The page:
Thailand still ranks among worst offenders
Two children examine a computer at a campaign organised by the Business Software Alliance at Siam Discovery shopping centre to discourage software piracy. Software piracy in Thailand dropped one percent last year.
Varunee Ratchatapattanakul, consultant at the Business Software Alliance, disclosed that IDC’s seventh annual global software piracy study found that despite the global economic recession, installations of unlicensed software on personal computers in Thailand in 2009 fell by one percent, continuing a decline which has been seen since 2006.
Further to the government’s anti-piracy efforts, vendor legalisation programs to implement new business revenue and distribution channels, adopting cloud computing and offering "Software as a Service" or bundled software with bandwidth service, may also help to the reduce piracy rate.
However, the commercial value of pirated software in Thailand last year increased to $694 million (22.4 billion baht), a rise of $85 million (2.75 billion baht) from the 2008 figure, which places the Kingdom at number 15 in the rankings of the countries with the highest commercial value of pirate software.
The higher value lost in Thailand comes from PC shipments, which rose by 16 percent in 2009 to over 2.4 million units and the software installed base rising to over 11 million units.
According to IDC, consumers had undue influence on the country piracy rate, as they accounted for 68 percent of PC shipments and 60 percent of the installed base. While More than half the software deployed in the country went to the consumer installed base, typically a high piracy segment.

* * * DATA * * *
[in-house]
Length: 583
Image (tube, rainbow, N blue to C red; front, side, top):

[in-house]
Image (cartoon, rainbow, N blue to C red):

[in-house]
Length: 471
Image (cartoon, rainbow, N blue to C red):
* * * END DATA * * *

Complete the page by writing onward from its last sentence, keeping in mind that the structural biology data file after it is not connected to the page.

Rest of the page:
A further cost to the industry comes from businesses having to recover from security incidents as a result of installing viruses and Trojans which are often packaged with illegal software. Often the cost of such recovery will exceed whatever was saved by a business avoiding buying licensed software.
At the global level, the piracy rate rose from 41 percent in 2008 to 43 percent in 2009, due to the exponential growth in PC software deployments in emerging economies, especially China, India and Brazil.
However, the global value of pirated software decreased by three percent over 2008, reached $51.4 billion (1.6 trillion baht), while the United States, Japan and Luxembourg remained the three countries with the the lowest piracy rates, at 20, 21, and 21 percent, respectively. The countries with the highest piracy rates are Georgia, Zimbabwe and Moldova, all with rates higher than 90 percent.
"This study makes it clear that efforts to reduce software theft in Thailand are making a difference and the result will input to The Office of the United States Trade Representative (USTR) for evaluating Thailand’s place in the priority watch list," Varunee said.
However, there is a long way to go in comparison to the Asia-Pacific rate, where Thailand ranks eighth.
It has been proposed to push the Copyright Act Amendment, which employs the World Intellectual Property Organisation’s Copyright Treaty to create an effective legislative environment for copyright protection, especially the use of Digital Rights Management and anti-circumvention issues.
Moreover, skills training and a dedicated digital intellectual property rights unit are also important factors in attempts to investigate and prosecute intellectual property theft.
If there is change of government, the BSA will continue to collaborate with all stakeholders and expects Thailand still strengthen its copyright laws, especially in software.